Dr. Greenfield was a member of the advisory committee on services for women for the US Substance Abuse and Mental Health Services Administration (2011–2017). She has been elected to the American College of Psychiatrists and the College on Problems of Drug Dependence, and is a Distinguished Fellow of the American Psychiatric Association. She received the R. Brinkley Smithers Distinguished Scientist Award from the American Society of Addiction Medicine, and the A. Clifford Barger Award for Excellence in Mentoring from Harvard Medical School.
Valeria Chambers, EdM, CAS, CPS
Valeria Chambers is the founder and coordinator of Black Voices: Pathways 4 Recovery (formerly Blacks United in Recovery), where she provides leadership in all aspects of the development of program, and policy initiatives. She is a senior community researcher for the Health, Equity and Research Lab at Cambridge Health Alliance, and is active on the Massachusetts Mental Health Planning Council, having completed a five-year term as co-chair of the Department of Mental Health Multicultural Advisory Committee. Chambers holds a master’s degree and certificate of advanced studies in counseling and consulting psychology. She received the National Alliance on Mental Illness–Massachusetts 2007 Heroes in the Fight Award for the Peer Specialist Certification Training Team.
Pushpa Narayanaswami, MD, FAAN
Pushpa Narayanaswami is a neuromuscular neurologist. She is the vice chair of clinical operations in the department of neurology at Beth Israel Deaconess Medical Center, Boston, MA, and associate professor of neurology at Harvard Medical School. She is a clinician-educator and researcher with special interest in myasthenia gravis, myopathies, and muscular dystrophies.
T. Salewa Oseni, MD
T. Salewa Oseni, MD, is a breast surgical oncologist at Massachusetts General Hospital Cancer Center. She specializes in breast oncoplastic surgery, and has an appointment as an assistant professor of surgery at Harvard Medical School. Her research areas include management of high-risk DCIS and health care disparities.
Dr. Oseni received her undergraduate training at the University of Massachusetts, Lowell, and her medical degree from the Case Western Reserve University. Following this, she was commissioned as an officer in the United States Navy, and completed her general surgery training at the National Naval Medical Center in Bethesda, MD. She received her fellowship training in surgical oncology at Fox Chase Cancer Center in Philadelphia.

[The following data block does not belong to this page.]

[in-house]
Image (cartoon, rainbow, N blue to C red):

Sue-Ellen Anderson-Haynes, MS, RDN, CDCES, LDN, NASM-CPT
Sue-Ellen Anderson-Haynes, MS, RDN, CDCES, LDN, NASM-CPT is a Registered Dietitian Nutritionist, Certified Diabetes Care and Education Specialist (CDCES) and a Nutrition & Diabetes Educator at Joslin Diabetes Center. She is the founder & CEO of 360Girls&Women®LLC – a holistic wellness company for girls and women – and a National Academy of Sports Medicine (NASM) Women’s Fitness Specialist, Certified Personal Trainer. She is a member of the Academy of Nutrition & Dietetics and the Boston Organization of Nutritionist and Dietitians of Color (BOND), a Board Advisor for the Boston Alliance for Diversity in Dietetics (BADD), and has coauthored articles in several scholarly medical publications. Sue-Ellen obtained her Bachelors of Science in Food Science & Human Nutrition, Specialization Dietetics, with a minor in Health Science Education from the University of Florida and her Masters of Science in Nutrition & Wellness from Andrews University, Summa Cum-Laude. She enjoys cooking, reading, and going on outdoor activities with her husband and two children.
Numa Perez, MD
Dr. Perez is a general surgery resident at Massachusetts General Hospital, and one of the 2018–20 Healthcare Innovation Research Fellows at the MGH Healthcare Transformation Lab. His research lies at the intersection of healthcare outcomes and disparities, and the use of mobile healthcare technology to improve patient experience while upholding equity. After completing his surgery residency, Dr. Perez hopes to pursue a career in pediatric surgery.
Peter T. Masiakos, MS, MD, FACS, FAAP
Dr. Masiakos is a pediatric surgeon, the director of pediatric trauma service at Massachusetts General Hospital (MGH), and co-director of the MGH Center for Gun Violence Prevention, which he founded in June 2018. He is an associate professor of surgery at Harvard Medical School and a visiting surgeon at MGH, where he has a clinical interest in pediatric trauma care and injury prevention.
Kristin Moffitt, MD
Dr. Kristin Moffitt is a pediatric infectious diseases doctor and researcher at Boston Children’s Hospital, and an assistant professor of pediatrics at Harvard Medical School. She is involved in several studies of COVID-19 in children, and has been a regular contributor to local and national news affiliates for pediatric COVID-19 updates.
Adjoa Anyane-Yeboa, MD, MPH
Dr. Adjoa Anyane-Yeboa is a board-certified gastroenterologist at Massachusetts General Hospital, and an instructor of medicine at Harvard Medical School. She is also a member of the Clinical and Translational Epidemiology Unit, a subdivision of the Mongan Institute at MGH. Her work focuses on health equity in gastroenterology, specifically in IBD and colorectal cancer. Follow her on Twitter @AdjoaGIMD and Instagram @dradjoa_gimd.
Christopher D. Anderson, MD, MSc
Victor A. Lopez-Carmen, MPH
Nicole Baumer, MD, MEd
Dr. Baumer received her medical degree from Harvard Medical School. She trained in pediatrics at Massachusetts General Hospital, and in neurodevelopmental disabilities at Boston Children's Hospital. Dr. Baumer has a master’s degree in education from Harvard Graduate School of Education. Dr. Baumer was a fellow in the Leadership Education in Neurodevelopmental and Related Disorders (LEND) program at Boston Children's Hospital.
Anthony L. Komaroff, MD
Editor in Chief, Harvard Health Letter
Anthony Komaroff is the Steven P. Simcox/Patrick A. Clifford/James H. Higby Professor of Medicine at Harvard Medical School, senior physician at Brigham and Women’s Hospital in Boston, and editor in chief of the Harvard Health Letter. He was director of the Division of General Medicine and Primary Care at Brigham and Women’s Hospital for 15 years, and is the founding editor of Journal Watch, a summary medical information newsletter for physicians published by the Massachusetts Medical Society/New England Journal of Medicine.